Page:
Adjustable Rate Mortgage – Universally known as ARMs – have cleaned up their image enough to once again be considered a useful product in the home-buying market.
An adjustable rate mortgage is a home loan whose interest rate and payments will change periodically, based on rising or falling of interest rates. Homebuyers gamble that the low-interest rate that ARMs typically offer at the start of the loan, won’t rise so quickly that they can no longer afford the home.
ARMs got a black eye in the real estate market crash of 2007, but the swelling has gone down enough that they represent 14% of the dollar volume on mortgage applications in 2018.
That’s a decent revival after crash landing at just 2.8% of the market in December of 2009. ARMs accounted for 49.7% of the market in their heyday back in 2005. They may never be that popular again, in part because interest rates are at historical lows, and because ARMs are complicated financial instruments to understand.
But their rebirth proves that people are reconsidering them, especially those who only expect to spend a short time in the house they are buying. Adjustable mortgages always have been attractive to first-time homebuyers and any consumer who expects to move or sell their home before the adjustable rate portion of the mortgage kicks in.
“There are two main benefits to an adjustable rate mortgage,” John H. Vogel, real estate professor at Dartmouth’s Tuck Business School said. “You get a lower interest rate meaning a lower monthly payment, and you may qualify for a larger loan based on the fact the lender can use your initial monthly payments to calculate your debt capacity.”
What is a Hybrid ARM?
Also contributing to the turnaround is the fact the lending industry is offering more palatable versions of the product to consumers. Today’s “hybrid ARMs” offer a break on interest and a fixed payment amount for the introductory period before reverting to adjustable rates at the 3, 5, 7 or 10-year mark.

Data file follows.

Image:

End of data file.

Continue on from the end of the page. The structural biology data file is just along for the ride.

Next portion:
Right now, that break doesn’t amount to much, given how low interest rates are for 15-and-30-year mortgages. But interest rates have risen steadily over the past year and are expected to continue rising, so the spread between a 30-year fixed rate mortgage and the first few years of an ARM may widen enough to make it even more appealing.
If you are just getting started in the workforce and homebuying market, every dollar counts and ARMs can save a few dollars, at least until the dreaded adjustment period kicks in.
Types of ARMs
The truth is, you might not even recognize today’s ARMs, especially if you were one of those who got sucked into an adjustable mortgage back in 2005. Back then, prepayment penalties and negative amortization (paying less than the minimum interest so the balance went up, not down) were “fine print” parts of ARMs and caused disastrous results for consumers.
The new version of ARMs is divided into three types:
- Hybrid ARMs. These offer a mix of fixed-rate and adjustable rate financing. You will see them labeled 3/1, 5/1, 7/1 and 10/1 loans. The first number stands for how many years you will pay a fixed interest rate before the adjustable rate kicks in. The second number stands for how often that rate will change after the fixed-rate period ends. So, for example, a 5/1 ARM means you will pay a fixed rate interest for five years, then an adjustable rate every year after that until the loan is paid off.
- Interest only ARMs. With this option, you pay only the interest for a specified time, after which you start paying both principal and interest. The interest-only (I-O) period usually is somewhere between three and 10 years. The interest rate will adjust during both the interest only period and interest + principal period. The I-O payments obviously are significantly less than principal + interest payments. When that rate kicks in, your payments will go up dramatically.